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ADHD Herbal Remedies: Gingko

Given the number of potentially serious side effects associated with the long-term use of Ritalin and other stimulant medication for ADHD, it is not surprising that concerned parents are looking for safer, natural treatments for the disorder.  In general, herbal remedies used for ADHD contain compounds that provide a calming effect, enhance mental clarity, boost brain function, and improve overall well-being.

One promising herb that can be used to manage ADHD is gingko.  Gingko is an extract from the world’s oldest living tree, the gingko balboa. Gingko has been a mainstay in traditional Chinese medicine for over 5,000 years, and is now widely used around the world to treat blood circulatory disorders, memory loss, and degenerative brain diseases like Alzheimer’s disease.   Gingko has many benefits because it contains flavonglycosides bioflavonoids, molecules that have antioxidant properties, as well as the ability to restore nitric-oxide balance, and boost anti-platelet activity.  While there is quite a bit of clinical evidence to support the use of gingko in boosting brain function and improving memory, there are few studies that directly examine gingko’s effects on individuals with ADHD.

One study on the effects of gingko in individuals with ADHD showed promising results:

  • One of the most overlooked symptoms of ADHD is irritability and, often, stimulant medications produce side effects like insomnia, which aggravate this symptom.  Gingko had a calming effect on the participants who experienced irritability.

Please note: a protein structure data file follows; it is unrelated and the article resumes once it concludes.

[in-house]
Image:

• Gingko seemed to have positive effects on oppositional behaviors associated with ADHD.
  • The benefits of gingko are not limited to just combined ADHD types. Gingko can also be used to treat ADHD Inattentive type, because it boosts working memory and improves attention span.  This exciting discovery shows gingko’s versatility across the ADHD spectrum.
  • It is thought that gingko can sometimes induce drowsiness or heavy sedation, but the study found these occurrences to be extremely mild.  In fact, the sedative effect of gingko helped improve the participants’ tolerance for frustration and irritability, to the degree that these behaviors could be measured.

One small study published in May 2009 by researchers from the Regional Hospital of Bolzano in Italy showed that gingko helped reduce hyperactivity and improve inattention in 6 children.

Perhaps the biggest downside to this study is that it was very small – it only measured the behavior of 6 participants.  However, there is a lot of anecdotal evidence that corroborates the conclusions of the study. Combined with American ginseng, gingko helps reduce some of the core symptoms of ADHD like inattention, restlessness, and hyperactivity, as I have shown in my article on AD-FX.

Before giving gingko to manage your child’s ADHD, consult a holistic health care practitioner to determine the appropriate dosage. Although gingko is not toxic, it might produce some side effects such as nausea, stomach upset, or headaches in some people.  In rare cases, there have been reports of children being allergic to gingko.